The Wonders of the Electric Telegraph
Telegraphy, Technology, Accidents, Commerce
Discusses an extract of an article from The Times which consists of a garbled telegram sent from China: 'Question United States Treaty tim latms Pashisky worse'. Ponders the cost of transmitting this information and its use. Offers some general remarks about the unintelligibility of telegrams. Wonders that the 'workers of a telegraph should take the trouble to transmit such gibberish by their wires', given that it could be 'easily concocted at the place where it is said to be received'. Ponders the legal problems associated with sending such information and whether the sender can be compensated for garbled messages. More sceptically, the author wonders why people 'should submit to pay' for such messages and 'that any one should place the least reliance on a telegram' given the grave mistakes made in them.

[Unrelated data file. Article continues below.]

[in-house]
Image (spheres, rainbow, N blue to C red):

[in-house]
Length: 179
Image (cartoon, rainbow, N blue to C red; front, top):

© Science in the Nineteenth-Century Periodical Project, Universities of Leeds and Sheffield, 2005 - 2020
Printed from Science in the Nineteenth-Century Periodical: An Electronic Index, v. 4.0, The Digital Humanities Institute <http://www.sciper.org> [accessed ]